Wednesday, December 9, 2009

Wednesday 18 miles

N) 14 miles with 3100+ ft of climbing at average pace of 8:36. Thermometer read -18 with wind chill. I walked out the door for this wanting to challenge myself and raise the bar on what I think cold is. After about 5:00 I settled in and felt quite good, the cold was never a bother.

With the morning run: 18 total and 3900ft of climbing at an average temperature of -20 something.


Justin Mock said...

That's 38 on the "more miles than degrees" scale then!

Matt said...

Talk about getting the work done.
A run like that helps define you, pain and the year ahead? Yes.

How did you recover?

Lucho said...

Matt- No recovery needed. I felt great the whole run. My thoughts were never far from Leadville...

Justin- I didn't think of it that way!

Anonymous said...


Are you moving away from a focus on HR? Perhaps you've gotten the base building / low-HR stuff done and are moving on to more specific pace or effort workouts?

Just curious.

BTW, I keep publishing as Anonymous because I don't have a Google Account.


Lucho said...

Eric... see, you're not anonymous.
After my 50 mile I feel different in my thinking. More confident maybe in my ability to run by feel. I will certainly not leave HR training completely, I think it's one of the most valuable tools for improving performance. And for Leadville it will be a key factor. Right now though I'm feeling that running has taken a more spiritual path for me. It's important in my life and I find things out about myself I've never known were there. Today I felt so completely comfortable in my skin doing what I was doing and loving every minute.

kerrie said...

yeah, it's all a matter of perspective...i managed to get in a pretty long run today just by reminding myself of how f'ing cold it would be if i were still living in saskatchewan. and that had i still been living there, i probably would have thought today was a great warm day for running! i never really noticed the cold once i was out and moving - sometimes the trick is just getting out the door without thinking about it too much.
also, i do run with small ski goggles quite a bit when it is this cold to stop my eyelashes from freezing/sticking together cause sunglasses tend to fog up...

vistica said...

I was just reading one of the Lydiard books. He wrote something about exercising in extreme temperatures. Humidity plays a large role in extreme temperatures. He said he could exercise normally in extreme cold while in Finland (-20 to -40 C) because humidity was rather low. If I remember correctly he said something about your lungs could get frozen if humidity is high.
It's the opposite when exercising in extreme heat. He couldn't exercise at all in Tuscon where it was around 40 degrees Celsius with low humidity but he could run normally in Venezuela where it was also around 40 C but humidity was high. That explains why I can be totally dehydrated (3kg weight loss) after 45 minute run in my birth town (high heat, low humidity).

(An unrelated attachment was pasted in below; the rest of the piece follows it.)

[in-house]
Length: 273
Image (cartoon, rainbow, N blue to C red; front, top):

Eric Bart said...



Lucho said...

Kerrie- Ya, I saw you out on your run. You crossed 93 right in front of my car. They really need a trail underpass there.

Visitca- For sure the humidity plays a huge role. I've never read that Lydiard info, thanks.

Eric- Sweeeet.

Trigirlpink said...

14 miles.... 3100 feet of climbing... and -18? You must consume a gazillon calories a day!

I guess I need to HTFU and quit whining when it's a balmy 18 degrees for a measly 7 mile run around the FLAT Charles River here in Boston.

Joe said...

Any chance you can take a pic or explain the gear your running in to fend off those cold conditions?



Lucho said...

Joe- I posted a pic from yesterday. I dressed this way...
Windproof underwear from Hind (I was sponsored by Hind for 2 years). These things are gold!
Hind thermal running tights.
Hind wind pants.
Thin running socks under Smartwool socks.
Long sleeve poly shirt.
Hind windproof cycling jacket.
Thermal running jacket over that.
Balaclava under a Hind thermal hat with ear flaps.
Poly gloves under vintage Helly Hansen ski mittens. These things are from the 70's and made very well. Mitten shells are superior to gloves IMO.
Adidas Supernova shoes with 8 metal screws in the sole.

The only thing I wished I had were ski goggles. With the balaclava my sunglasses fog up. Running at ~9000ft with your face covered is brutal by the way. Up the steep climbs it felt like I was smothering but it was too cold to breath hard with out it. I got light headed on a few climbs from hypoxia (I think) and rebreathing my own Co2. Hypoxia does makes the colors bright and things more interesting though.

Lucho said...

Trigirl- I don't call it tough when there are no other choices. I would almost bet that 18 degrees and your humidity is worse than -18 and our desert dryness! Humidity is brutal.
My metabolism is so efficient now that my diet really is quite modest. This is one of my strengths as a long distance guy. It's trainable too. Studies have shown that under eating prolongs life too.

J.P. Patrick said...

I get the slower miles now at 4 and 10!!

Lucho said...

JP- Ya, those are long and mostly between 15-25% but the hardest 2 hills really come at mile 12 (it's a short triple switchback but ridiculously steep, if you take the tangent it's over 30%) and the final 600 meters before my house (my street name is Hilltop:)). I have to finish up that thing every time I run. No matter the fatigue it's brutal. And depending on the route I run that last 600 meters could turn in to several miles. I love it. Come and run with me sometime?